Oie Voaldyn Manx Fire Festival Lights Up Peel Skyline

Last year’s inaugural Oie Voaldyn Manx Fire Festival in Peel was literally a spectacular success which returned with an even bigger display during the early May bank holiday weekend.

Traditionally, Oie Voaldyn (May Eve) was a time to celebrate the return of fertility to the land and recognise joy, revelry, courtship, romance and the potential for new life. An opportunity to cast off the shadow of darkness and enjoy the light. The use of fire was an important custom at this time of year in order to fend off witches and evil spirits, but was also acknowledged as a purifier and healer. Winter gorse was burnt away in anticipation of new growth, and farmers would drive livestock between bonfires in order to cleanse and protect them before release into the fields.

This year’s festival, however, was a re-interpretation and modernisation of the old Manx customs associated with the eve of May Day – which quickly captured the imagination of visitors to the occasion.

Spokesperson for the festival, John Shakespeare, commented “We soon recognised there was a real desire to revive some of our unique Manx customs. We don’t intend to recreate ancient practices, but to continue in the spirit of our forebears and create our own connection to the cycles of the seasons. Oie Voaldyn celebrates the traditions of the past with an eye on the future, but the aim of the festival is to bring people together to acknowledge and celebrate the return of summer.”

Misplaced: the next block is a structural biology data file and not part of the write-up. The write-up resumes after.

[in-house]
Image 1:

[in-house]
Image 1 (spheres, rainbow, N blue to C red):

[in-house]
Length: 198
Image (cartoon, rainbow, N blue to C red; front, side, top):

The event itself presented a spectacular performance, with the excitement of torchlight processions, inspiring music, dancing and roaring bonfires. Additionally, there was a dramatic interpretation of the traditional, mock battle between summer and winter during the evening. It was a fully costumed event, including such intriguing characters as the Gorseman, the Boneman, the Phynodderree and a flock of Loaghtan sheep, as well as the two main stars of the event – The Queen of Summer and the Queen of Winter.

It was a fully choreographed and narrated event, concluding with fire poi, fire spinning and a fabulous firework display against the dramatic, historical backdrop of Peel Castle.

Entertainment during the afternoon included live bands on stage, dancing and speciality food producers down by the quayside, with Viking Games on the beach, guided tours of Peel in Manx Gaelic and an opportunity to make a traditional Crosh Cuirn (rowan cross) to keep away those evil spirits which may be lurking nearby.

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Valerie Caine

© May 2019

(Courtesy of Manx Life